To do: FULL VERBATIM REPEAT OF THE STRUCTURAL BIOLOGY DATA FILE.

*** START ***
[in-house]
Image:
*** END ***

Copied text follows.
[in-house]
Image: